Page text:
HTC's Facebook Phone Flopped Because it Lacked the 'Cool Factor'
Facebook (NASDAQ: FB) Home may be a success, but the phone that comes with it pre-installed -- HTC's First -- has become one of the year's biggest flops.
When the First was initially released, Global Equities Research analyst Trip Chowdhry estimated that the device sold less than 10,000 units.
Whether or not that is true, the world may never know. Based on HTC's actions this week, however, it seems that the First was not very successful.
AT&T (NYSE: T) lowered the price of the Facebook-oriented handset from $99 to just $0.99. The carrier has not commented on the new price, but HTC defended the First by telling AllThingsD that "promotional pricing is common in the mobile industry."
HTC's excuse was not enough to persuade Chowdhry, who is convinced that the First has flopped.
"What it really shows is that HTC First is not selling," Chowdhry told Benzinga Thursday. "That's number one. When it comes to hardware devices, it seems that the leaders are Apple (NASDAQ: AAPL) and Samsung. HTC is probably not a tier one player. If you're a Facebook user, it seems like you're not gravitating toward HTC devices because device comes first and application comes second. It's not the other way around."
One of the challenges HTC faces is that it has a serious image problem.
"People seem to not go with HTC First probably because it does not have a cool factor that many Facebook users go for," said Chowdhry. "It seems to me that HTC First is pretty much dead. Hardware -- that is, devices that are pre-packaged as a Facebook phone -- probably will not have momentum. But Facebook Home as an application will probably be successful because people who live and die on Facebook will probably like it."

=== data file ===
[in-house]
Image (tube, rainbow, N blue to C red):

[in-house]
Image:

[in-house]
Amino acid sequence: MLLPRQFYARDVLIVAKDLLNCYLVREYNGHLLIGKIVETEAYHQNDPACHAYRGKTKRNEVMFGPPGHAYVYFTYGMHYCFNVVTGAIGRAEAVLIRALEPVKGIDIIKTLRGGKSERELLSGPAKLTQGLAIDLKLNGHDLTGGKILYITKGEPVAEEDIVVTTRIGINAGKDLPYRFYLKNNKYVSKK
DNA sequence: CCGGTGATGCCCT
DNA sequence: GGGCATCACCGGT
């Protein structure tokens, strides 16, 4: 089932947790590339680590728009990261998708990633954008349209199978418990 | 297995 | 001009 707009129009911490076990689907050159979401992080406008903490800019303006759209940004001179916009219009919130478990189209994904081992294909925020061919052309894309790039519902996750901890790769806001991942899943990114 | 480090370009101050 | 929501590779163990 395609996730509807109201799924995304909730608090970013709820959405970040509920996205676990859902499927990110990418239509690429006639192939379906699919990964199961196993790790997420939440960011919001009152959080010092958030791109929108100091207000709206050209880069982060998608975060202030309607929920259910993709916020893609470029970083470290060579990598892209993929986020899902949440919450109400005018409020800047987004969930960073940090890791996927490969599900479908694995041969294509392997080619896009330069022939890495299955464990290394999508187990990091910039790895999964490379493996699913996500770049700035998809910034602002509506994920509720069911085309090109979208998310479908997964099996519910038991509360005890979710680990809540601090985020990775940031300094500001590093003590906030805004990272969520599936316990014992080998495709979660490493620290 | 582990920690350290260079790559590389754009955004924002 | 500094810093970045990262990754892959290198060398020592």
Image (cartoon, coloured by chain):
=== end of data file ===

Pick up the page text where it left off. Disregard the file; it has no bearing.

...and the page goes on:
Officially, Facebook Home has been downloaded and installed 500,000 times in the United States. Worldwide, Chowdhry previously estimated that Facebook Home had been adopted by more than five million individuals.
"When we did our research almost three weeks back, more than 80 percent of the phones that had installed and used Facebook Home were the Samsung Galaxy S III and Samsung Galaxy Note II," said Chowdhry.
Even so, Chowdhry does not think that Samsung would have great success with its own Facebook-branded handset.
"You have to look at how customers are behaving," he said. "It all depends on what Facebook Home does. If you have a phone, still making a call is a critical application. Now with the current version of Facebook Home, you are chatting and talking to all [these] people. That is cool. But you have to do two steps to get out of Facebook Home and make a call [or] check your voicemail."
Chowdhry said that until there is "seamless integration" with Facebook Home, "where you are chatting with your friends and you don't have a two-step process to make a call and receive a call," the app may not achieve its true potential.
Looking ahead though, Facebook Home should obtain a "very strong (but very niche) following," Chowdhry added. "The current version, it seems like it is directionally good -- remember: Facebook Home is only version one, and they're going to have another iteration.
"For Samsung, it seems like it does not make sense to be totally focused on Facebook Home because that is a brand dilution for Samsung. Samsung has its own user interface experience, which is different from a typical Android [device]. So I don't think Samsung will have a Facebook phone."
Louis Bedigian is the Senior Tech Analyst and Features Writer of Benzinga. You can reach him at 248-636-1322 or louis(at)benzingapro(dot)com. Follow him @LouisBedigianBZ
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